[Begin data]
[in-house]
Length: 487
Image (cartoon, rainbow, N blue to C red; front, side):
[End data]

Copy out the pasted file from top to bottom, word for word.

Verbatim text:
[in-house]
Length: 487
Image (cartoon, rainbow, N blue to C red; front, side):